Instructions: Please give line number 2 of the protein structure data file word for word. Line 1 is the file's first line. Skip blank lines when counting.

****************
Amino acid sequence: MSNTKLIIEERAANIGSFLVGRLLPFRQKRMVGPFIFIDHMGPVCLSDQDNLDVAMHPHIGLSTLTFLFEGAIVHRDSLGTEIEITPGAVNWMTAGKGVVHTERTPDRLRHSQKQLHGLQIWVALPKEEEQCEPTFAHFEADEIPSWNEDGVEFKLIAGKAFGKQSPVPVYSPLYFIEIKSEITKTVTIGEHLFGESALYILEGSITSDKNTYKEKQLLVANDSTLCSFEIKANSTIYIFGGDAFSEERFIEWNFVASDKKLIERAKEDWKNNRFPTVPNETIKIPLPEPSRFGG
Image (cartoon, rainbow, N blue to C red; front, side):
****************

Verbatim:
Image (cartoon, rainbow, N blue to C red; front, side):